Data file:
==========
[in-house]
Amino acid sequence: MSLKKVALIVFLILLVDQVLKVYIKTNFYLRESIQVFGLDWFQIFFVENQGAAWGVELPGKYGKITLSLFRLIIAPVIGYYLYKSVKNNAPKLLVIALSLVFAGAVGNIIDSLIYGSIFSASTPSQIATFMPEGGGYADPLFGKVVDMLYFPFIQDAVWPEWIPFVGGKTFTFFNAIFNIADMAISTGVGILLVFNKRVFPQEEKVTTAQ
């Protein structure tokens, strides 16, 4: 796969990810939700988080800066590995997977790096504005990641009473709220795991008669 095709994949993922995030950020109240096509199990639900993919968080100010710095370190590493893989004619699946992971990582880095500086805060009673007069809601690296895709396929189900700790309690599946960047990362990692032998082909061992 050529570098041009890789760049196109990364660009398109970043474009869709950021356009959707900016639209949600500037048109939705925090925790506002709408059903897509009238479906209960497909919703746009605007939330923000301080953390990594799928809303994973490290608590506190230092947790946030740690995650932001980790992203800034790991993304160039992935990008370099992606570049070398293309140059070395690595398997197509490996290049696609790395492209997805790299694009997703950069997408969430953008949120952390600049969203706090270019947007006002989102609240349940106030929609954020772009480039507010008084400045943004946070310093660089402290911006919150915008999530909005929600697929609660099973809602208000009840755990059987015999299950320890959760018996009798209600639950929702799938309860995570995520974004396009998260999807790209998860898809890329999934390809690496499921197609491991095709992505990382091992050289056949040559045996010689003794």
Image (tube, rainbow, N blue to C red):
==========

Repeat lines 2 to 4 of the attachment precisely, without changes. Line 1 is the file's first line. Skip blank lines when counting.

Amino acid sequence: MSLKKVALIVFLILLVDQVLKVYIKTNFYLRESIQVFGLDWFQIFFVENQGAAWGVELPGKYGKITLSLFRLIIAPVIGYYLYKSVKNNAPKLLVIALSLVFAGAVGNIIDSLIYGSIFSASTPSQIATFMPEGGGYADPLFGKVVDMLYFPFIQDAVWPEWIPFVGGKTFTFFNAIFNIADMAISTGVGILLVFNKRVFPQEEKVTTAQ
């Protein structure tokens, strides 16, 4: 796969990810939700988080800066590995997977790096504005990641009473709220795991008669 095709994949993922995030950020109240096509199990639900993919968080100010710095370190590493893989004619699946992971990582880095500086805060009673007069809601690296895709396929189900700790309690599946960047990362990692032998082909061992 050529570098041009890789760049196109990364660009398109970043474009869709950021356009959707900016639209949600500037048109939705925090925790506002709408059903897509009238479906209960497909919703746009605007939330923000301080953390990594799928809303994973490290608590506190230092947790946030740690995650932001980790992203800034790991993304160039992935990008370099992606570049070398293309140059070395690595398997197509490996290049696609790395492209997805790299694009997703950069997408969430953008949120952390600049969203706090270019947007006002989102609240349940106030929609954020772009480039507010008084400045943004946070310093660089402290911006919150915008999530909005929600697929609660099973809602208000009840755990059987015999299950320890959760018996009798209600639950929702799938309860995570995520974004396009998260999807790209998860898809890329999934390809690496499921197609491991095709992505990382091992050289056949040559045996010689003794």
Image (tube, rainbow, N blue to C red):